Sunday, August 19, 2007

An OFW Story



(above) An Aklanon in Hongkong

(above) Meeting in Beijing

During the last five months, I have been abroad three times. Two for business and one for semi-business. I logged in a thousand miles. Too bad I did not accumulate airline miles. But I don’t mind, the trips did not cost me a dime. Oh well, may be for the semi-business trip to Malaysia and Singapore with my wife, I coughed a few thousand pesos on a Cebu Pacific promo rate. It took in-depth travel planning to save me a couple of precious dollars. Thats me...the budget business traveler.

It was a fun experience. I always enjoy air travel despite being an avid fan of National Geographic Aircrash investigations and Seconds from Disaster. Anyway those flights are short ones – the longest is Manila to Beijing which is a five hour trip.

My trips abroad have not only enriched my legal experience but rekindled my interest in history and culture. Thanks to clients who think that their mission can be easily achieved with me in tow. And so I believe!  Well, for  as long as they fly me on the same plane, billet me at the same nice hotel and feed me with the same food they order, I am fine. But surely there was work involved. After all it was a business trip and my presence is a bonafide chargeable business expense. As such, they can bring me anytime. I don't mind being an overseas contract worker once in a while.

One of the things I have observe during my trips abroad is the sad plight of the real Overseas Filipino Workers (OFW). Unlike my short sojourn, most of them are leaving for work in a foreign land for a long time. Some for a period of 5 years or more. For an ordinary filipino family man, this means a sad and tormenting existence away from their families and love ones.

I also realized that there are a lot of Filipinos abroad. In Macau for example, almost all of the hotel employees from the door man to room service are Filipinos. Oh my goodness!   Just call Hongkong a second Philippines. There are Pinoys in every corner! Thank God I am not easily identified as a Filipino as I got chinito features or else somebody might ask me for a working permit! Whenever I greet a kababayan on the street, they would surprisingly answer with quick smile. This is a strange...a instant and strong connection between Filipinos as if we are connected by one network. But then I should clarify this observation. This may only be true with working Filipinos in Asian or Middle East countries. I had bad experience with snobbish Filipinos in New York who think snow on their heads have turned them into a different specie.  Snubbish TNTs!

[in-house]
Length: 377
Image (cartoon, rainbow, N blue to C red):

It is not also hard to pinpoint Pinoys abroad. It easy to spot them. They are usually loud when in a group (usually at airports). And their dress...oh..the usual layback ensemble that foreigners would not dare wear. Just recently, heavily decorated Nokia cellphones have easily given away Filipinos. In Hongkong, it seems that those who usually send text messages from their cellphones are Filipinos. Oh well.. 

The sad thing is that Filipinos abroad are stereotyped as either entertainment, hospitality or domestic workers. Cheap labor to be blunt. I read somewhere that even the sexy Urnussa Cadness who is the model-girlfriend of Borgy Marcos had a bad episode at Hongkong immigrations. She was quizzed if she is a maid.  For goodness sake, she is not even Filipina!  Yeah, sad but it happens. Filipinas traveling alone to Hongkong usually spend a longer time at the immigration counter.  Personally,  whenever my  chinese clients introduces me as a Filipino lawyer  to a fellow chinese, the latter is amazed.  He just could not believe that there are Filipinos professionals other than hotel bellhops or domestic helpers. Sad sad...but true.

I hope the Philippine government will bolster the image of OFW and not brand them as "bagong bayani" when in reality they are not given the best care here or abroad. It would be good if there is an OFW airport with world amenities for them and their love ones where they can be given the royal treatment.  Maybe  a 24-hour emergency counseling center in countries with highest concentration of OFWs. Better yet a one stop OFW Assistance center which assists in sending of remittances, addressing labor complaints and repatriation if necessary.   Well...our government has the biggest say in the improvement of OFW's welfare. Sadly, there is more work to be done. Its good the Pinoys abroad naturally bond with each other. This somehow makes working abroad a bearable predicament.

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